3. Rusty Lindquist
    Rusty Lindquist says:

    We stayed in Manzanita, but also went to Seaside, Cannon, and a couple beaches a bit further south. Ditchu, you live in an absolutely beautiful state!

    Margaret, your parents had to be wonderful. I do love watching as my wife’s family all reminisced about old times. So much fun.

  4. ditchu
    ditchu says:

    It is beautiful, but it tends to rain far too much from October through May.

    Margaret and Rusty (and anyone else who drops a line here)

    I find it very encourageing to hear about others who value family as much as I do, and It is great to hear from you guys the awsome things we share with family.

    Peace in Christ,

  5. Margaret
    Margaret says:

    Yes, families is what life is about! My parents did the best they could with the resources they had. I had a wonderful grandmother, too, that I try to emulate.

    And what is great, Rusty, even if your childhood left much to be desired, you can create a wonderful childhood for your own children. Sooner than you think, you’ll hear your own children talk about their great childhood memories, and maybe you’ll learn some things you weren’t aware of like I have.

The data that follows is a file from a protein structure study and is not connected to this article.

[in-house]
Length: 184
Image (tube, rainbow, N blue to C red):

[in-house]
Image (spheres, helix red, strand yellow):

Ditchu, I don’t know much about you, but I’m sure you are a terrific Dad. I learn from both of you.

  6. mormonsoprano
    mormonsoprano says:

    What a fun vacation! (I love the Oregon coast, by the way) A very nice post about a crucial topic.
    It is nice to see that you took a break from blogging to do what is most important.

    (it’s hard to walk away from the computer though, isn’t it!…very addicting)

  7. ditchu
    ditchu says:

    I desire to be the best Dad I can be and that drives me to focus on my family. I am yet far from the Greatest Dad, or #1 Dad, just ask my wife… On secound thought you may want to set aside a few hours to ask my wife because she may list all the stuff I am not doing right as a Dad.

    I have a long way to go but this journey only started last year for me. I have a cute (all parents are bias toward their own kids) smart giant of a 9.5 month old Boy. They do grow up fast… I thought it took something like 18 years…

    He is already giving me mini-frights as he daredevils his way acrost the floor, ect… (Fearless)

    Rusty I love your story about the morning ruteen at your House… “Daaaaadeeee”
    It is all about the small moments.

  8. Margaret
    Margaret says:

    Somehow I knew you were a Dad. A relatively new one. Unfortunately, kids don’t come with instructions, and what works with one doesn’t necessarily work with another. You learn as you go, just like you learn to be a good spouse. The first one is an experiment and you get a little more relaxed (but not too relaxed) with subsequent ones. Just love them. Whatever you do, do it with love and make sure they know you love them.

    Being a grandparent is easier and more fun. You are more of a support to the parents. My grandmother had a lot of influence on me-especially as a teen. She expected a lot of me-and who wants to disappoint their Grandma?

    I think if I had it to do over, I’d have more fun with my kids. We did a lot of fun things, but I’d do more!